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Message: I care

Three-minute read

Politics is such a hideous word. It uglifies everything, witness “office politics.”

It’s the dirty, smelly public restroom of our shared experience. We need it, but nobody really wants to go in there. Well, normal people, at least.

But we live with politics like a rash that just won’t clear up. Maybe that’s because political messaging actually works. At least 51 percent of the electorate thinks so every four years.

For some candidates, politics are natural, like breathing – Bill Clinton and Ronald Reagan come to mind. With Hillary Clinton, she may as well be reading her political message aloud off notecards.

Look, here she is waiting in line at a Chipotle! And now she’s flying commercial and carrying her own luggage! And now she’s talking to average Iowans in a coffee shop!

See how relatable she is! She’s just like you. At least for the next week or so until she moves on to the next message.

Never mind that waiting in line or carrying our own luggage are things all of us do every day without even thinking about it, but for Hillary, they’re unusual enough to be newsworthy. That’s why they come off as awkward as a first date with me.

The security footage looks more like she’s robbing the Chipotle than picking up lunch there. Her so-called Scooby Van looks like something you’d use to cart Darth Vader around.

These stunts are aimed at covering her weaknesses, but to anyone paying attention, the messaging actually exposes them. They wouldn’t be going to such lengths to show Hillary being just plain folks if she had been doing that effortlessly all along.

After several days of watching Hillary go after the presidency like an Alien facehugger, maybe all I can think about is politics. But the Star Wars franchise is undergoing some populist Hillary-level political messaging and reinvention this week, albeit a little more deftly.

Like Hillary’s campaign(s), the Star Wars prequels came with excellent, popular pedigree, were well-financed and were guaranteed a certain level of success even without really even trying.

But, toward that end, Hillary and the prequels – which would be a good band name, come to think of it – had/have a certain “going through the motions” vibe about them.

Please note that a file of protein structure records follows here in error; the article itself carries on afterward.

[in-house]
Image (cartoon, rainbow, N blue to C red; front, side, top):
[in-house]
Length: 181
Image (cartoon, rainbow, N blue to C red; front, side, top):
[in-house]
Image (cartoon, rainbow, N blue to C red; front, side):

I recall actually being relieved when the end credits for “Return of the Sith” rolled. That feeling of “I’ll never have to sit through another terrible Star Wars movie.”

The implicit and explicit message of the new trailer is that the Star Wars you love is back. X-Wings skimming over a lake! The Millennium Falcon dodging TIE Fighters! Explosions! Storm Troopers! Lightsabers!

The line “Chewie, we’re home,” – a tad sentimental, perhaps – reads on several levels.

What’s notable about the prequels is how un-“Star Wars-like they were. The prequels were about politics and cities and offices and talking and talking and talking – people on the inside, literally and figuratively.

The first trilogy was about people on the outside. The movies took place on the fringes – out-of-the-way planets, secret bases, in exile on a swamp planet.

George Lucas even famously cribbed his Old West imagery for the “Luke returns to the burning homestead” scene from “The Searchers,” perhaps the definitive movie about finding and building a home – or failing to – on the frontier.

Judging from the new trailer, this new Star Wars gets this. It couldn’t be clearer that this is a new Star Wars. The prequels are drifting away with the rest of the garbage.

And, like Hillary, the Disney folks are going out of their way to drive their message home.

Considering the brutal SNL cold open last week, Hillary has a long way to go. Considering the number of folks jizzing themselves over the latest teaser trailer, the Disney folks are nailing it.

Star Wars is home.